As evidence of their growing prominence in the restaurant industry, ghost kitchens are now getting their own events. In June, the Ghost Kitchen Conference in Dallas addressed this new and growing segment of the restaurant industry and how brands are approaching everything from menu development to digital marketing to site selection. Nation’s Restaurant News reports that ghost kitchens are demonstrating potential and an ability to gain competitive advantage in a few key areas. Service is one. While demand for delivery and off-premise restaurant food is high, the experience of eating this food can be lacking and difficult for operators to control. There is opportunity in the ghost kitchen segment to condense the physical distance between restaurants and customers and also channel more resources into building stronger relationships with delivery providers in an effort to make delivery a higher-quality experience (Fazoli’s, for example, treats delivery drivers to breadsticks.) Because ghost kitchens are small, nimble and flexible, there is also potential for them to push the boundaries of the segment. They can easily plug into grocery stores, airports, hotels or other facilities with a captive audience for restaurant food. Finally, these kitchens are lowering the barriers of entry into the industry. No longer does opening a restaurant require a substantial investment or attractive real estate (though the challenges of marketing ghost kitchens without brick-and-mortar counterparts surely generate new challenges related to marketing and customer engagement).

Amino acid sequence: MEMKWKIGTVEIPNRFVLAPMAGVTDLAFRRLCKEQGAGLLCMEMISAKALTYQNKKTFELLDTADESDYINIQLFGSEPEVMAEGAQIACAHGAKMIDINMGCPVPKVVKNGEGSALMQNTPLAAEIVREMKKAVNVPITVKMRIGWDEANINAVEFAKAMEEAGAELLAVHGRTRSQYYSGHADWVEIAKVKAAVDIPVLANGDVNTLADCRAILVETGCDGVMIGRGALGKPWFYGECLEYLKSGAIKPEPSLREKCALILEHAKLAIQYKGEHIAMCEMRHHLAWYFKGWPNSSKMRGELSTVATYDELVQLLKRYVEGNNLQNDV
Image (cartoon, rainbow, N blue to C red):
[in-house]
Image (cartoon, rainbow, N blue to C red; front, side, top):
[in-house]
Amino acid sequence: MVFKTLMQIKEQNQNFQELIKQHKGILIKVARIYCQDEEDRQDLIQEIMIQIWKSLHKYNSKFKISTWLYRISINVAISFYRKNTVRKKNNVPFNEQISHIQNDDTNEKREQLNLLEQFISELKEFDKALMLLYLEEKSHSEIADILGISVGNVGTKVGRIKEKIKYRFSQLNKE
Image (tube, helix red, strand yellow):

It may seem like ghost kitchens have experienced a lot of growth in the past year, but there’s still a long way to go. According to Euromonitor, ghost kitchens could create a $1 trillion global market by 2030. Between now and then, expect a lot of innovation in the space, along with a range of ways for operators to make them a part of their business model. If you’re considering a ghost kitchen as a means of diversifying your sales capabilities, make sure you start from a place of strength when it comes to your digital brand. If you plan to have a scaled down brick-and-mortar presence, you still need a reliable way to get in front of consumers – particularly a strong digital connection, such as an Instagram account that gets regular engagement from followers and a customer database that allows you to segment your mailing list and target guests with informed promotions. On the latter point, operating a ghost kitchen will be most effective if it is set up within a small radius of the customers most likely to buy food from it, so understand the tastes of the surrounding area. If you have the brand connection with customers and you’re close enough to them that you can get their favorite dishes to them shortly after they’re out of the oven, you’re in a good position to succeed – and if you’re sharing your ghost kitchen space with complementary businesses that can enhance your own promotions, all the better.